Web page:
Despite its international legal obligations, Indonesia is not doing enough to protect the work rights of asylum seekers and victims of trafficking, Antje Missbach and Wayne Palmer write.
Under the 1990 UN Convention on the Rights of All Migrant Workers and Members of Their Families (ICRMW), irregular migrant workers have the legal ‘right to protection against labour exploitation’. This right applies even when they work despite the government’s prohibition on employment.
Although Indonesia ratified the convention in 2012, the country has so far implemented insufficient protections for foreign migrants there, as new research on trafficking victims and asylum seekers shows.
Indonesia often sees itself exclusively as a sending country for migrant labour. High unemployment and underemployment levels in Indonesia drive many men and women to seek work elsewhere. They mostly do it hoping that their remittances will lift their families out of poverty and guarantee those left behind some sort of upward social mobility. In 2016 the World Bank estimated that more than nine million Indonesians were living and working abroad in both regular and irregular situations.
Unsurprisingly, Indonesia’s main focus is on its own citizens when it comes to protecting the rights of migrant workers. In practice, this means that the government mostly pays attention to outgoing migration patterns and related rights issues, but largely ignores the rights of incoming migrants – despite the fact that the ICRMW requires Indonesia to protect the human rights of both groups.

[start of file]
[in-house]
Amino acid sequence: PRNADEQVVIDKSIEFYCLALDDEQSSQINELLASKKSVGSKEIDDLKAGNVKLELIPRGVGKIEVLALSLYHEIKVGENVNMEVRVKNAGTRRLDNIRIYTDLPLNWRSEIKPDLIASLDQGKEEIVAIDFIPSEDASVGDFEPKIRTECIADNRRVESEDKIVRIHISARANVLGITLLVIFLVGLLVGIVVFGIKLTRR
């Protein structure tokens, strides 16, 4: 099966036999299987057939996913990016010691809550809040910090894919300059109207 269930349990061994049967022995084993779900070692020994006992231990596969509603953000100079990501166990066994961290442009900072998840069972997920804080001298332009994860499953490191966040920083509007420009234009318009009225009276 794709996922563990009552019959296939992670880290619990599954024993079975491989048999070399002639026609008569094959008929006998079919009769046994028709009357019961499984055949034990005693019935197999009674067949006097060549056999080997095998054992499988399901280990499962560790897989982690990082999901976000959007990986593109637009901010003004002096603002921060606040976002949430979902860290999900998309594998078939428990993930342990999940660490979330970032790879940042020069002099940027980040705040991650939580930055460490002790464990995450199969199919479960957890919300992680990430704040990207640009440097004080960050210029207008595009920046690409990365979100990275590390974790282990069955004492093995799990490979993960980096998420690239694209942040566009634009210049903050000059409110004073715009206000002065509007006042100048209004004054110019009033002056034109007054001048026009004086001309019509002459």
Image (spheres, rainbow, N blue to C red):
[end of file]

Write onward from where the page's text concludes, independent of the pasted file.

Indonesia is a destination for a wide variety of migrant workers, including those with and without work permits, trafficking victims who have been coerced into taking up exploitative employment in the country, and asylum-seekers with ongoing claims for international protection. But they only make up a very small proportion of the overall migrant population – only around one per cent or so.
Although these foreigners belong to different administrative categories for incoming migrants, and domestic abuse of their human rights has been widely reported, the Indonesian government has done little to protect them.
In fact, rather than helping trafficking victims claim restitution, the Indonesian government has directed efforts towards activities that effectively deny them the ability to do so, including by facilitating repatriation to their home countries. Similarly, rather than supporting asylum seekers to claim wages when they have been underpaid, which is illegal, Indonesian authorities send the foreigners to immigration detention centres.
Continuing to ignore the exploitation of those highly vulnerable groups of migrants while they live and work in the country undermines Indonesia’s international credibility and long-term commitment to protection of migrant workers’ rights.
The 1948 UN Universal Declaration of Human Rights affirms 30 individual rights, including the ‘right to work’. But this and other human rights were not always accorded to migrant workers, especially those living and working in irregular situations, such as asylum seekers who are not yet recognised refugees. Governments justified denying rights to migrants without full sets of migration documents, such as a valid passport and visa.
To correct this practice, the UN adopted the ICRMW, which mostly outlines how the human rights contained in the Universal Declaration ought to apply to migrant workers. For instance, instead of the ‘right to work’ everywhere, migrant workers are only entitled to the ‘right to protection against labour exploitation’ in countries where they do not have citizenship. Despite popular belief, even migrants who work without government permission are entitled to this right.